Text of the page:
LOS ANGELES — A panel of judges from the 9th Circuit Court of Appeals vacated a judicial order that would have required Los Angeles to offer some form of shelter or housing to the entire homeless population of skid row by October.
The order, which was issued by U.S. District Judge David O. Carter in the spring, sent shock waves through local government as officials scrambled to figure out how to comply. It was quickly appealed by the city and county of Los Angeles.
The ruling from the 9th Circuit found that the district court “abused its discretion,” and had ruled on matters that were not before it. The panel also ruled that the plaintiffs, a coalition of downtown business owners, residents and some formerly homeless people, lacked standing in the case. The judges did find that the plaintiffs’ allegations related to disability discrimination had standing but there was not enough evidence to rule in favor of them.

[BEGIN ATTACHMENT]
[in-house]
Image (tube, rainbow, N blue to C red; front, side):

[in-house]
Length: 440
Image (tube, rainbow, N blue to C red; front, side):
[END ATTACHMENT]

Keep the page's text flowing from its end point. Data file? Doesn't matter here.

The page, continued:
“The district court undoubtedly has broad equitable power to remedy legal violations that have contributed to the complex problem of homelessness in Los Angeles,” Judges Jacqueline Nguyen, John Owens and Michelle T. Friedland wrote. “But that power must be exercised consistent with its discretionary authority.”©2021 Los Angeles Times. Visit at latimes.com. Distributed by Tribune Content Agency, LLC.